Structure in poetry is a complex subject since it can have either closed structure as in Classical forms or open structure as in modernist and post-modernist poems. Poetic structure can be defined
- in terms of formal qualities (qualities that define its form: epic, sonnet, ode etc),
- in terms of alliteration (alliterative poetry, like Beowulf),
- in terms of rhyme structure (how the rhyme scheme is or is not formulated),
- in terms of logical structure (as with sonnets) and
- in terms of metrical structure (feet per line and rhythm in feet).
Poetic structure is complex and must be examined from many aspects to answer the question of whether there is structure in a given poem. Let's examine "Smalltown Dance" to see what structural elements emerge.
Most obviously, Wright composed this poem in the structure of stanzas. Stanzas are the divisions between logical groups of poetic thought. Stanzas may be classically structured according to convention as in closed structure poems or they may be freely structured as in open structure free-form poems of the modernist and post-modernist eras.
Wright's stanza structure is composed with 8 lines, 10 lines and 5 lines. The logical structure follows the stanzaic structure. The first two stanzas present the little girl's vision of a comforting, limitless world in two symmetrically 8-lined stanzas. The third stanza presents the women's knowledge of limitations to comfort and dreams: women know more than girls so their stanza has more; this is shown in the 10-line stanza. The final stanza is the putting away of dreams, which is done quickly--and must be done quickly--and is represented in the shortest stanza of 5 lines.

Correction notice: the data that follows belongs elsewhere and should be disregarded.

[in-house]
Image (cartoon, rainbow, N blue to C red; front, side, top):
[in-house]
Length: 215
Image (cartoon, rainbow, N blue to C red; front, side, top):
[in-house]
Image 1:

The rhyme structure is very deliberate and complex. Though the rhyme scheme is a continuous one (the /a/ rhyme is not repeated in each) with each stanza having its own rhyme set (e.g, 1st: sheet dance meet twice; 2nd: white myself sight comforted), each stanza is structured to begin with an abac rhyme, or variation of abac, that is further varied afterward while relying heavily on slant rhyme (slant rhyme: nearly rhyming words or word portions, twice/space) [bear in mind the following is for structural comparison rather than actual scansion]
- 1st stanza: abac bacd - (slant rhyme on c)
- 2nd stanza: abac deff
- 3rd stanza: aabbc cddef - (slant rhyme on a, b, c, d)
- 4th stanza: abccd - (slant on c)
The repetition in the rhyme structure connects the little girl to the women and to the quickly closeted dreams, while the variation in the rhyme structure connects the comforting sheets with the sheets that "struggle from the peg" and fly--but not far--and connects the folding of the sheets with the suppression of a girl's free spirited dreams of "waiting green":
clean corridors of hiding, roof with blue-
saying, Your sins too are made Monday-new; and see, ahead
that glimpse of unobstructed waiting green.
As this is an open structure, free form poem, there nonetheless is an underlying rhythmical structural foundation in iambs (da DA). This is not unusual since English accentuation renders normal language a dominantly iambic rhythm. Though there is much variation from iambs, you can clearly identify the iambic basis of the poem (stressed syllable / ' /):
Two wo' / -men find' / the square' / -root of' / a sheet'.
That is' / an an' / -cient dance':
arms wide': / to -ge' / ther:...
Since Wright's underlying metaphor is the dance that folds newly washed and line-dried sheets while simultaneously folding dreams and freedom, it makes logical, thematic and structural sense that she would choose an underlying poetic structural rhythm for the telling of the rhythmic dance and equally rhythmic destruction of the "waiting green" of life ahead.